Edit: Let's add another scenario to that. Wet runway. Spinning wheels coming at you. Water blasted and thoroughly soaked seconds after take off. Soon to be at -53 degrees.......
Very good realistic post. I wish the next candidate could read it and understand it's suicidal to try. In most cases I am sure local authority helps getting onboard promising everything will be fine in exchange of money.

I've flown a lot out of West African airports and I was always impressed by the security around the aircraft. They check (or pretend to) every person coming close. There is no way a random person can just approach the plane and get in. But why not go into the cargo hold instead? Easier to hide behind all the luggage I would think, and safer.
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Old 3rd Jul 2019, 07:00
  #35 (permalink)  
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Yes indeed safer in the cargo hold but a bit scary if you do so when the aircraft is off to do a four man base check detail as happened in Kuwait Airways in late 70's when on the B707 we did alternate base checks on the aircraft would you believe and several of us being checked set off doing steep turns etc when we heard a banging noise. The F/E was sent below into the lower 41 and through the small glass hole he saw a startled figure which was a Baluchi loader who had gone into the forward hold to get out of the sun and fell asleep. We were forced to do a full stop landing to let him out and then continued on! I guess he had a story to tell his mates.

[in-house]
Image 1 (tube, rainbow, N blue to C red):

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Old 3rd Jul 2019, 12:35
  #36 (permalink)  
 
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Just because they’re not there on a walk round, doesn’t mean they can’t get through a hole in the fence and join the aircraft on taxy out. Not all airports are as secure as people think, particularly in the Third World.

I remember vaguely, a story where a stowaway had made it to Heathrow, and was found wondering around the apron one morning. The skipper of the flight who found out it was his aircraft the stowaway was on, was so appalled at this person’s desperation, that he went through the process to adopt him....maybe someone can add more to this, but it’s disappointing to see some of the joke comments made about someone taking extreme measures to escape a life somewhere in hope of a better one somewhere else.
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Old 3rd Jul 2019, 13:05
  #37 (permalink)  
 
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Originally Posted by Akrapovic View Post